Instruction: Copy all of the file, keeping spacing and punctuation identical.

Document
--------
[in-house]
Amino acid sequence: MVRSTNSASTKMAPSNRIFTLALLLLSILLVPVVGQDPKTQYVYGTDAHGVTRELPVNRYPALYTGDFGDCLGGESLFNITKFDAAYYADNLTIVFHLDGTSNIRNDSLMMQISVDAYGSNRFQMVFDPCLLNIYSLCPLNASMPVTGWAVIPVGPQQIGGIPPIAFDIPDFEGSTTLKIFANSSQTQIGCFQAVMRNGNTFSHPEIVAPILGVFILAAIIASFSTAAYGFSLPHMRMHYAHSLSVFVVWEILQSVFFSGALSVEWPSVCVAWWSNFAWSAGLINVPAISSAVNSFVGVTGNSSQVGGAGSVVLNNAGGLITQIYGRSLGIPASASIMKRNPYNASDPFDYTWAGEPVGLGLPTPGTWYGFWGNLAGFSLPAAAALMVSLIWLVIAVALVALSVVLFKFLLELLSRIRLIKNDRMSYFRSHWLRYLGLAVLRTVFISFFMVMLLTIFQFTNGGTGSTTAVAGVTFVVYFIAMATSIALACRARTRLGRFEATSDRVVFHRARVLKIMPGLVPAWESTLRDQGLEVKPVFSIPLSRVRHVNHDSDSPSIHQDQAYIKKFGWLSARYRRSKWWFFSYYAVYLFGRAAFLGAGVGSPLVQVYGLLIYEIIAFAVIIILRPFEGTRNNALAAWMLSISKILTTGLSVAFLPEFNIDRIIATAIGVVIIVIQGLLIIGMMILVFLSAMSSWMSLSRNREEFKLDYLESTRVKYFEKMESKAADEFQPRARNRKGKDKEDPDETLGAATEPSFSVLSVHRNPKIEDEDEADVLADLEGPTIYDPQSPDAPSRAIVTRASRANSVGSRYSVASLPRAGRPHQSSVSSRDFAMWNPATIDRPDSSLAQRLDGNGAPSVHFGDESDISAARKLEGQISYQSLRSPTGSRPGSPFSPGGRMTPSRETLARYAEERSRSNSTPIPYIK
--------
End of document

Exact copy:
[in-house]
Amino acid sequence: MVRSTNSASTKMAPSNRIFTLALLLLSILLVPVVGQDPKTQYVYGTDAHGVTRELPVNRYPALYTGDFGDCLGGESLFNITKFDAAYYADNLTIVFHLDGTSNIRNDSLMMQISVDAYGSNRFQMVFDPCLLNIYSLCPLNASMPVTGWAVIPVGPQQIGGIPPIAFDIPDFEGSTTLKIFANSSQTQIGCFQAVMRNGNTFSHPEIVAPILGVFILAAIIASFSTAAYGFSLPHMRMHYAHSLSVFVVWEILQSVFFSGALSVEWPSVCVAWWSNFAWSAGLINVPAISSAVNSFVGVTGNSSQVGGAGSVVLNNAGGLITQIYGRSLGIPASASIMKRNPYNASDPFDYTWAGEPVGLGLPTPGTWYGFWGNLAGFSLPAAAALMVSLIWLVIAVALVALSVVLFKFLLELLSRIRLIKNDRMSYFRSHWLRYLGLAVLRTVFISFFMVMLLTIFQFTNGGTGSTTAVAGVTFVVYFIAMATSIALACRARTRLGRFEATSDRVVFHRARVLKIMPGLVPAWESTLRDQGLEVKPVFSIPLSRVRHVNHDSDSPSIHQDQAYIKKFGWLSARYRRSKWWFFSYYAVYLFGRAAFLGAGVGSPLVQVYGLLIYEIIAFAVIIILRPFEGTRNNALAAWMLSISKILTTGLSVAFLPEFNIDRIIATAIGVVIIVIQGLLIIGMMILVFLSAMSSWMSLSRNREEFKLDYLESTRVKYFEKMESKAADEFQPRARNRKGKDKEDPDETLGAATEPSFSVLSVHRNPKIEDEDEADVLADLEGPTIYDPQSPDAPSRAIVTRASRANSVGSRYSVASLPRAGRPHQSSVSSRDFAMWNPATIDRPDSSLAQRLDGNGAPSVHFGDESDISAARKLEGQISYQSLRSPTGSRPGSPFSPGGRMTPSRETLARYAEERSRSNSTPIPYIK